Background: Small case series suggest that a combination of my-cophenolate mofetil and prednisone may be an effective treatment for patients with retroperitoneal fibrosis. Objective: To describe the outcomes of adults with retroperitoneal fibrosis who received a combination of prednisone and mycophe-nolate mofetil. Design: Prospective case series of patients followed between 1 April 2005 and 1 July 2009. Setting: Single tertiary care facility. Patients: 28 patients with retroperitoneal fibrosis. Intervention: Prednisone, 40 mg/d, tapered over 6 months, and mycophenolate mofetil, 1000 mg twice daily, for a mean of 24.3 months. Measurements: Clinical course, laboratory assessment, and measurement of periaortic mass. Mean follow-up was 1012 days, and no patients were lost to follow-up. Results: Systemic symptoms resolved in all patients; 89% had a 25% or greater reduction in periaortic mass. Elevated erythrocyte sedimentation rate and serum creatinine level and decreased hemoglobin level normalized in all patients. Disease recurred in 2 of 28 patients. Limitation: This was a small case series. Conclusion: Combined prednisone and mycophenolate mofetil therapy is a potentially effective treatment for retroperitoneal fibro-sis that warrants evaluation in randomized trials. Primary Funding Source: None. © 2011 American College of Physicians. Source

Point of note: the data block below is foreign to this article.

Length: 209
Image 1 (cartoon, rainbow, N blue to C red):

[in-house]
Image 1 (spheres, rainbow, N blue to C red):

Mammen A.L.,Johns Hopkins Bayview Medical Center